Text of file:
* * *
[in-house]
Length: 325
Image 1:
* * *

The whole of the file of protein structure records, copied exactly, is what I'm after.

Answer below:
[in-house]
Length: 325
Image 1: